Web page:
Not if he pulls out another T-shirt message – fuck that [laughs]. I’m kidding a bit. I never say never, but it would have to happen only if the stars align in the perfect way, where we thought we could have fun with it and not get caught up in the bullshit.

Are you happy with the amount of respect the Replacements got in the band’s lifetime?

I never look back like that. We’re from Minneapolis – the music community in Minneapolis when we were kids in the ’80s rivalled, in my opinion, any music community in that era, or in any other era I’ve even seen. We had Hüsker Dü, the Suburbs, there was us, and lots of art-y bands. We all hung out together, played shows together, travelled together, and it was a real community.

Back in the day, Minneapolis was like the World Series for bands. Whatever bands we played with, we wondered who was going to win the game tonight – it was very competitive, but in a healthy way. I haven’t seen it yet. I lived in L.A. for over 20 years and only saw it in some ways, but completely different. It was a very special scene and I would love to converse with anyone who thinks they lived in a similar kind of music community.

What’s your favourite Replacements album?

I can’t listen to any of them, but if I were going to be straight-up honest with you, the one I can listen to the most is All Shook Down. It didn’t sell as much as Don’t Tell a Soul, but I think that’s when the Replacements were appreciated in a greater realm because of the songwriting. Paul wrote some great songs on that record.

If you listen to that record, and it was hard enough for me to listen to it to even remember the parts I played, that’s a great record. He did what Paul is best at – he basically produced that. Some of is is perhaps a little over-thought, but that whole record stands up completely, from top to bottom. It’s dark as fuck, though. You don’t know want to throw on your headphones on a sunny day and go for a walk in the park with that one on, because you’ll want to fucking slit your throat. But whatever.

Will you play with Guns ‘N’ Roses again?

I never say never about that either. I’d say it’s about as likely as doing the Replacements again. I think they don’t need me – they’ve got Duff and Slash and they’re doing their thing. They’re all my friends and I’m glad they’re all out there, working their butts off and having a good time. I’ve got nothing but good things to say about them. Unless Duff quits, and he was the last man standing the last time, there’s a pretty good chance they’re not going to need my fucking bass-playing skills any time soon [laughs]. Just sayin’.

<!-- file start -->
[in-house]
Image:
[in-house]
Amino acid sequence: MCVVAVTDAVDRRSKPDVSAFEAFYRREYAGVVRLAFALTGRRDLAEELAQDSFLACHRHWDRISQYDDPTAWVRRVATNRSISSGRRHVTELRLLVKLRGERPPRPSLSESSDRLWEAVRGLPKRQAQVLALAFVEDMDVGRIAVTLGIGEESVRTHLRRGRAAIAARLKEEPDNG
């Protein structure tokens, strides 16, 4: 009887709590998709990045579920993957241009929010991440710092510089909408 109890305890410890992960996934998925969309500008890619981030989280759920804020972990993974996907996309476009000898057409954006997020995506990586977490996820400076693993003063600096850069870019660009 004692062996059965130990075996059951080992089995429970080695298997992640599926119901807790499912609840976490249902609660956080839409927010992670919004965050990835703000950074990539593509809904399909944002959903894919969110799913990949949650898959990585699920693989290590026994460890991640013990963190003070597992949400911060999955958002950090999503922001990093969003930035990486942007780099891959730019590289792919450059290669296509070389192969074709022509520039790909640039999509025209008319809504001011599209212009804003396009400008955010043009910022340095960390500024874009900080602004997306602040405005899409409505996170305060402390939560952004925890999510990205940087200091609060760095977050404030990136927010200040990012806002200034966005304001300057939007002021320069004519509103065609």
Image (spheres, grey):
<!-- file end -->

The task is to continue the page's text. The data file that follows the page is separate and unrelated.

You’ve been in bands since you were 12, 13. How do you stay grounded and stop yourself going crazy?

I’m still working that out [laughs]. It isn’t easy. A lot of people think that because you’re on stage, everything is great, but a lot of hard work goes into that at every level, whether you’re playing a club, theatre or stadium. It is a hard thing, and I’m not going to boo-hoo about my woes or anything like that, but it’s hard to balance that life and have some semblance of normality for yourself.

Any chance of a trip Down Under?

I’ve been talking to [You Am I guitarist] Davey Lane about it a lot, and trying to get You Am I to be my backing band [laughs]. We’ve been talking for years about it. Maybe I can go over go myself, although I hate doing the solo acoustic thing by myself – I like to have someone I can spitball with, and make shit up or whatever. I’ve always had a good time in Australia, so never say never. I can do a whole bunch of things that’ll either be fun or completely fucking disastrous [laughs].

Anything Could Happen by Bash & Pop is out now.

Check out all things Tommy Stinson here.

For The Brag

Interview: Craig Finn of The Hold Steady

craig finn

THERE’S A TRACK on the new Hold Steady album called ‘On With The Business’, and that’s exactly what singer-guitarist Craig Finn is getting. It’s been four years since Heaven Is Whenever saw the band’s music maturing and the then 38 year-old’s lyrics further enforcing his reputation as a rock and roll storyteller of the highest order. It’s easy to see why Finn’s lyrics are what they are, as he reels off names of writers you’ve never heard of.

The engaging and erudite Minneapolis-raised New York native is still telling stories with his literature-rich lyrics on new album Teeth Dreams, and since the departure of flamboyantly moustachioed keyboardist Franz Nicolay after 2008’s excellent Stay Positive, the band has taken on an extra guitarist. With a fatter, Thin Lizzy-esque dual guitar sound, The Hold Steady may have reached a new phase in their musical life cycle, but while Finn is happy to talk up his band’s new dynamic and approach to making music, he’s equally happy to chew the fat on a range of other subjects, from chasing girls as a youngster to Nirvana and the future of rock.

Congratulations on the new album. How does it feel to have it out there?

It feels really good, you know. This is the same as any album, but they take so long to get out; we recorded it in August and it was mixed in October. I’m just excited to be out here playing these songs for people. We went down and did SXSW and played seven times, but they were all these short showcases, and I’m excited to now be playing real shows to the real fans.